In the health field, Barbara McAnemy is founder and CEO of the New Mexico Cancer Center and past president of the American Medical Association, Cheryl Wilman is director and CEO of the UNM Comprehensive Cancer Center and Kate Becker is CEO of UNM Hospital.
Still, working your way up the ladder in New Mexico, a poor state, is more difficult for women.
According to the latest data from the National Women’s Law Center (NWLC), an organization devoted to gender justice, 18.9% of New Mexican women live in poverty, compared to 12.4% nationally.
Despite a federal law in 1963 and another in 2009 that require employers to pay the same wage for the same work and qualifications, gender wage gaps still exists.
The NWLC reports that overall New Mexico women make about 83 cents for every dollar a white man makes, a little better than the national figure of 80 cents. Black women make about 64 cents while Latinas and Native women in the state make about 55 cents for every dollar white men earn.
“A man is offered $5,000 more a year to start than a woman with the same qualifications and experience, why is that?” Noonan asked.
Fatima van Hattum, a program co-director of NewMexicoWomen.org, a women’s fund and advocacy group, says the roots of gender discrimination run deep in the state.
The group interviewed focus groups across the state to find out what women say are obstacles to their economic success.
“We talked about the lives of women as they intersect with cultural and social dimensions,” van Hattum said. “The majority of people in our state are people of color.”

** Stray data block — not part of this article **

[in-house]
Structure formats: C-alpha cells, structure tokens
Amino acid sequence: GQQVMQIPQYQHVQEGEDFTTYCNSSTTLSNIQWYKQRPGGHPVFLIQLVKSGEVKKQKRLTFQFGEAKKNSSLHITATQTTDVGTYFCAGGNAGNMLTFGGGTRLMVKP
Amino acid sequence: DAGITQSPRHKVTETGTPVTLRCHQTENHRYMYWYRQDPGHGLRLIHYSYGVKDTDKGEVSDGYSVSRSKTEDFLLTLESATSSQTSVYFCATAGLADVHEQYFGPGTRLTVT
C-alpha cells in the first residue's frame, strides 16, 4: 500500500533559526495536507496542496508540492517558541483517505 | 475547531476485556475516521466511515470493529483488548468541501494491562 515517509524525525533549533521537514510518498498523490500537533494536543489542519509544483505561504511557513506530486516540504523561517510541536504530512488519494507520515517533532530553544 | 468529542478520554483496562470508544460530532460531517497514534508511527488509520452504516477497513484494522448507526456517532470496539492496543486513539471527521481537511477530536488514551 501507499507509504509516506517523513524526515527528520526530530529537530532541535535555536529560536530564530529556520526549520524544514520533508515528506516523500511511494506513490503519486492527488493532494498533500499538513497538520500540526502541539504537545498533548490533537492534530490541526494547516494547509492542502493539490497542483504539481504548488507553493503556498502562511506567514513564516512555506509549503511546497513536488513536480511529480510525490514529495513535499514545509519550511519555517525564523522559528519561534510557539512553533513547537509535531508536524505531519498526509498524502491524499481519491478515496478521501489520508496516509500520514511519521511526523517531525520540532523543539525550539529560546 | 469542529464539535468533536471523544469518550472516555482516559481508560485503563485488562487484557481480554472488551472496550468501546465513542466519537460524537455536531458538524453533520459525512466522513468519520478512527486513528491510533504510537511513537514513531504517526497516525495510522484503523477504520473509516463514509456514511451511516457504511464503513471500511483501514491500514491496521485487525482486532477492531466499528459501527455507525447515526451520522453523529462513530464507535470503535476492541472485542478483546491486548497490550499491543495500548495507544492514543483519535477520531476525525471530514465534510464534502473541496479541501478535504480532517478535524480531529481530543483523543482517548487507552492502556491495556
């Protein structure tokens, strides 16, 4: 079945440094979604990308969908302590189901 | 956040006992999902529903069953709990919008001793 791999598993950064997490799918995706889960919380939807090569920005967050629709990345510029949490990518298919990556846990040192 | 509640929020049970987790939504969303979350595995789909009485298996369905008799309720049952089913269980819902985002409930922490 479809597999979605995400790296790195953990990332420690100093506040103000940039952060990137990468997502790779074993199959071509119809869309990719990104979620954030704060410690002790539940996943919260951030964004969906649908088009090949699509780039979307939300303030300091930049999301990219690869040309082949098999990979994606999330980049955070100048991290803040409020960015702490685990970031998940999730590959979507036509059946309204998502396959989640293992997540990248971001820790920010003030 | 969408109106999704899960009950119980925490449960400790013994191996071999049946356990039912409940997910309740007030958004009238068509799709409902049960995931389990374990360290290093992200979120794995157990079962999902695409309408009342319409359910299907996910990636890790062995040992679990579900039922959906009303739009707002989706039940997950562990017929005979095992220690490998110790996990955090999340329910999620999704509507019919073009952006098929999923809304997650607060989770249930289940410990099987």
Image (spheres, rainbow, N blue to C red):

Issues of racism, access to healthcare in rural communities, patriarchal views of women as less valuable than men, English as a second language, immigration status and deep historic wounds of land loss and family disruptions, especially in Native communities, added to women’s stories of poverty and discrimination.
“What we saw was a deep internalization and wounding from these systems,” she said.
To address the issues, the advocacy group, part of the New Mexico Community Foundation, began to make small grants to address their goals of gender justice and healing.
NewMexicoWomen.org organized when the former administration defunded the New Mexico Commission on the Status of Women.
This past legislative session the commission was funded again.
“Yes, it is absolutely great to hear,” van Hattum said. “It is so important given our legacy of underinvestment in women in our state.”
She said she is also encouraged and hopeful by the rising tide of women lawmakers, both statewide and nationally.
In the 2018 midterms, not only did New Mexico elect its second woman governor in Michelle Lujan Grisham, but two out of three of New Mexico’s U.S. Representatives are now women. In the 70-person state House, 31 women won seats, women judges increased and a woman was elected as state land commissioner for the first time.
Nora Sackett, the governor’s press secretary, says the New Mexico Commission on the Status of Women is in the process of identifying commissioners and will soon be up and running.